On Mother’s Day morning, 2018, I thought back on my two extraordinary grandmothers who raised me, on my own mother who followed me into the War Resisters League as together we became peace activists, on my life partner and mother of my children, and on that justice movement mother, civil rights icon Dorothy Cotton, who I had recently visited with my family and paid tribute to in a Fellowship of Reconciliation (FOR) message of hope. We were, after all, preparing to embark on the birthing of a new movement, a national call for moral revival coalescing around a Poor People’s Campaign that may have sounded like a fifty-year-old homage to the past and Dr. King, but was very much a 21st century endeavor.
On the morning of May 14, 2018, the launch of the Poor People’s Campaign’s (PPC) first major nonviolent moral fusion direct action, I rejoiced to hear the powerful voice of Rev. Erica Williams, national social justice organizer of Repairers of the Breach and one of the key PPC figures. “We have to go out there with our most serious faces on and be there for one another. My MOM is going out there today, she’s risking arrest too!” When applause greeted Erica’s call and personal sharing, she quickly withdrew a bit, stating that she wasn’t looking for applause. Someone quickly shouted a reply: “We’re applauding for your mom!!”
Later that morning, gathering in a nearby church to train and prepare for the civil disobedience, someone from the Campaign asked all those assembled planning to risk arrest—about 150 of us, plus many more supporters—how many had been previously arrested in nonviolent protests. Perhaps about half of the room stood up, as those who remained seated were encouraged to applaud those of us veterans who were once again going into the breach, putting our bodies on the line. As the appreciation died down, the same spokesperson asked the crowd how many were risking arrest for the first time, and the predictable other half of the room stood up, accepting our excitement and respect for joining a glorious tradition of militant social change. It was nothing short of wonderous to be in a room filled with diversity on inter-generational, inter-racial, inter-faith, international, and many other levels.
The afternoon was sweltering. That was not what made it hard, however, to hear the wailing cries of a mother who held her dying child in her hands as she slipped away due to a poverty and a nation whose health care priorities mean first class facilities for some and genocide for others. To keep our messaging clear and consistent, many of us wore signs with the latest statistics; mine said “More than half of our children are poor” (shown in adjacent photo, worn by former Manhattan Borough President Ruth Messinger). Another read: “Over 65 percent of Latinx people are poor.” Still another: “Up to 40 percent of the homeless youth population are LGBTQIA.” As hot as the day got, standing for hours awaiting arrest and processing, the intensity was always focused on the issues at hand. The war on the poor is immoral.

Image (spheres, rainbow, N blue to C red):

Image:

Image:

As the U.S. Capitol Police led us away, the poignancy of Rev. Dr. William Barber’s words became clear as he started a chant that there were “too many of us” to be carted off on a prison bus. Outdoor stalls on the side of the park were set up to contain us in groups of a dozen or so, as a make-shift row of tables and chairs were put together to fill out tickets which we would be issued before release.
This gave us time to sing, chant, meet, organize, and even take a few photos (for those who had not left their cell phones behind). A photo of Dr. Barber, my friend Carmen Perez & Muslim leader Linda Sarsour of MPower Change (both of whom are national co-chairs of the Women’s March), myself, and many others—fists raised and smiles on our faces—suggest the less-than-repressive conditions during our time in custody. (Visit my Facebook page for an album of more photos from the day.) We made clear note, however, of the much more bleak and dreadful plight of the majority of people incarcerated in today’s lock-down plantations of legalized slavery.
Rabbi Arthur Waskow faced one of the day’s few low moments. Running out of breath on a day when ample water, chairs for the elders, and other support services were in too-short supply, our dear Rebbe and founder of The Shalom Center could not quite make it to the street and wait under the sun to get arrested as he had planned. For those of us in FOR—myself and co-chair Sahar Alsahlani, Interim Executive Director Max Hess, Program Director Ethan Vesley-Flad, Senior Bayard Rustin Fellow David Ragland, Program Assistant Mori Hitchcock, Development Counsel Michael Taylor, Truth Telling Project allies Mark Lance & Katie Johnson, and others—it was an honor just to sit with this life-long campaigner for peace, justice, and a heart-and-soul approach to environmentalism and social change that can only be described as “world-healing.”
Waskow, Sarsour, and Barber all remarked throughout the day about the horrific news that was coming out of Gaza. Experience shows us that we must have a long view. No matter what the inadequacies, no matter how imperfect, we are not “in” this work expecting the world to be made right in one day or even seven.
We cannot wish for perfect organization, but we can celebrate an extraordinary launch, with 1,000 people risking arrest in unified actions covering dozens of state capitals as well as DC. We can feel confident that a strong and diverse grouping of people from the grassroots up are assembling to build something not to last a weekend or even a forty-day period, but to birth a many-year movement to turn the United States around. As many in the Jewish contingent reminded the gathered groupings of folks (via a sticker made by the human rights group T’ruah), some of us have been “resisting tyrants since Pharaoh!”